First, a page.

Journal of Management Information Systems

Volume 18 Number 3 2001 pp. 71-96

Relationships Between Job Skills and Performance: A Study of Webmasters

Wade, Michael R and Parent, Michael

ABSTRACT: The main purpose of this study is to determine the mix of organizational and technical skills demanded of Webmasters, and the degree to which those skills influence job performance. The study is composed of two parts. First, a job-content analysis of 800 Webmaster positions is conducted in order to determine the mix of skills demanded of Webmasters by employers. Second, a survey of 232 Webmasters is conducted to test the relationships between those skills and job performance. The job-content analysis suggested that employers seek technical skills over organizational skills, and, in contrast, the survey results showed that Webmasters regard organizational skills as more important in performing their jobs. Structured equation modeling on the survey data showed that deficiency in both technical and organizational skills leads to lower job performance. Moreover, the effect of organizational skill deficiencies on job performance was found to be larger than that of technical skill deficiencies. For researchers, the establishment of an empirical link between job skills and job performance opens the field to further research in the skills of information systems personnel. For employers, the results suggest more attention should be paid to attracting organizational skills when recruiting information systems personnel, such as Webmasters.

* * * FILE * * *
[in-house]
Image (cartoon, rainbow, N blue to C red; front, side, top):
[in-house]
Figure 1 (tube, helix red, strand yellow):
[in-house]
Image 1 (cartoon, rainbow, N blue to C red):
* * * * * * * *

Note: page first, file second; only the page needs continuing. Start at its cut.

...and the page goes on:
Key words and phrases: electronic commerce, individual level performance, information systems skills, information systems staffing, Internet, organizational skills, PLS, technical skills, webmasters